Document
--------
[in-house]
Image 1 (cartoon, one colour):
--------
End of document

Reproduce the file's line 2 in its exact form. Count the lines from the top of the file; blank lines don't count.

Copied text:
Image 1 (cartoon, one colour):